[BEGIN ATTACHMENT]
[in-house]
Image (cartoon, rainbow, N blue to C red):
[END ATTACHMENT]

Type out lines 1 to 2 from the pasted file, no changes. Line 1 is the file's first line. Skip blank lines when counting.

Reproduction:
[in-house]
Image (cartoon, rainbow, N blue to C red):